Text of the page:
Since early 2007, when food prices began marching noticeably upward, there have been violent riots in more than a dozen countries, growing malaise in developed areas, including the United States, and a fluid debate about the origins of the spike. On the last point, a consensus has emerged. A slew of factors—record fuel prices, ethanol production, unprecedented demand, the effects of climate change—have been blamed, creating a sort of perfect storm for the world's food supply.
Although each merits attention, another culprit must now be added: the human reaction to the crisis.
Since the first of the year, additional jumps in food prices have bred not only uneasiness and widespread fear but also, in recent weeks, extreme responses. Countries in Asia and South America are clamping down on exports or banning them, often at the behest of panic-stricken leaders worried about inflation. Further down the supply chain, savvy farmers and producers are hoarding food to delay its sale. In a sense, the unfolding scene is a sort of "prisoner's dilemma" known in game theory: Individuals (and individual countries) are moving to protect their own interests—"defecting" rather than cooperating—as supplies become more precious.
The effect, some analysts say, has been to drive the market cost of food—rice and wheat, in particular—even higher and to further destabilize countries at risk of violence and hunger. "A lot of these countries [with bans] have poor populations, and they're worried about inflation, and they know that if they keep supplies high, they can lower costs," said U.S. Department of Agriculture economist Andy Aaronson. "That's just supply-and-demand economics, but it's a psychology that's going to have to break."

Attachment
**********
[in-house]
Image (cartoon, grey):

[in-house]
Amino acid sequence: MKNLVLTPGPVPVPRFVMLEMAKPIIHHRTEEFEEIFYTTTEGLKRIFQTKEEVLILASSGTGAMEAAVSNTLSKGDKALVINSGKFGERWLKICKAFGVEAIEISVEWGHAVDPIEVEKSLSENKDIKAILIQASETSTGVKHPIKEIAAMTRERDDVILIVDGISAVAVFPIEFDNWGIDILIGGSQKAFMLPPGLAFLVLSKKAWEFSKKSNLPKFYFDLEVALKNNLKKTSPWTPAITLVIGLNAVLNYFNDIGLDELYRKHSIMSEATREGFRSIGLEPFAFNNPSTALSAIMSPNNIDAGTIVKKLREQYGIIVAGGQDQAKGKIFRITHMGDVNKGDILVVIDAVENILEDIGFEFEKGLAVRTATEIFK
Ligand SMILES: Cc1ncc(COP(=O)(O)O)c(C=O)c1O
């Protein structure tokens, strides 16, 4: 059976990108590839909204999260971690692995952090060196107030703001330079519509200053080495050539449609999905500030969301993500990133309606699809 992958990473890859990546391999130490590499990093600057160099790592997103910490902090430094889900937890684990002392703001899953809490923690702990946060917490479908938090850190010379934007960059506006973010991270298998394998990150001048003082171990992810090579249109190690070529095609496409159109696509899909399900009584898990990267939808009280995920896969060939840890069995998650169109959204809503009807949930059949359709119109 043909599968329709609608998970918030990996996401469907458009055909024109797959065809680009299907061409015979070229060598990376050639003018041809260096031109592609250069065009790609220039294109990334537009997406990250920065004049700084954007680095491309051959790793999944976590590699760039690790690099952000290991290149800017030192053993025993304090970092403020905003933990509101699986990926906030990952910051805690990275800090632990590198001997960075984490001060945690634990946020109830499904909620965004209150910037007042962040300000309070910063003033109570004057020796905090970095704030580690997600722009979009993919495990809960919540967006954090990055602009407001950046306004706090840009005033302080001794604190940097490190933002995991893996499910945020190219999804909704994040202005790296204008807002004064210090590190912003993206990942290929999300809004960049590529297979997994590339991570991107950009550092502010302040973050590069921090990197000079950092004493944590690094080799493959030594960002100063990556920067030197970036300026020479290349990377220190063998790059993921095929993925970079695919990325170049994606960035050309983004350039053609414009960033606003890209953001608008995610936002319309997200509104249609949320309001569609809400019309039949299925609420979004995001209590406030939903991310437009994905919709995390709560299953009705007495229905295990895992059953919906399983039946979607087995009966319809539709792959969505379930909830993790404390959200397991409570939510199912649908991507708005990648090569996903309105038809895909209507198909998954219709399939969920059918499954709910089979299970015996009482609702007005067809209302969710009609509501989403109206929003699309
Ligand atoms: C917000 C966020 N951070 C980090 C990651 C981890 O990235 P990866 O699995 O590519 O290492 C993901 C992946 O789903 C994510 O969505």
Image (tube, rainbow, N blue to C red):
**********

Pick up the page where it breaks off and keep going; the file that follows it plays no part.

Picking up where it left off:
Restricting trade is an old and powerful tactic, and countries use it liberally, to protect farmers and consumers, to keep unwanted products out, or to keep internal stockpiles up. In fact, even before the current food crisis became apparent, many countries had begun blocking exports of products that have become expensive or scarce only recently; Argentina, in 2006, banned certain cuts of meat and later extended the ban to wheat.
But since the first of the year, a critical mass has taken hold. Rice, which is the staple food for roughly half of the world's population, or more than 3 billion people, has been particularly affected. China, Vietnam, and Egypt have imposed limits on the amount of rice they will export. India, at the end of March, banned "non-basmati" rice shipments outright and has continued to ratchet up the minimum price of basmati exports, which are known for their higher quality. Thailand, the world's largest rice exporter, is reportedly flirting with the idea of doing the same, even as its farmers toil to plant a third crop of rice this year, one more than usual. Wheat, too, has seen the scythe of political maneuvering: Last week, Russia extended for 60 days a ban on wheat exports. China and Argentina have adopted restrictions; in Pakistan, where farmers have just begun to harvest the annual wheat crop, officials yesterday said the country most likely will fall millions of acres below the expected goal, prompting the government to dispatch soldiers to guard grain elevators. "Now that the market is so nervous, governments get more nervous," said Joachim von Braun, director general at the International Food Policy Research Institute. "In addition to export bans, they try to build up storage to be on the safe side, and governments become part of the speculators."
The motivation for such bold measures is not hard to discern. Since the first of the year, rice prices in some areas have doubled; wheat, on average, is up 115 percent in a year. (In 2008, rice prices could jump another 50 percent, according to estimates.) Because the forces that kindled the rise in prices in the first place, such as increased consumption internationally and competition with biofuel production, are unlikely to subside anytime soon, countries rightfully see high prices as a pervasive threat. Unrest could mount; governments could fall.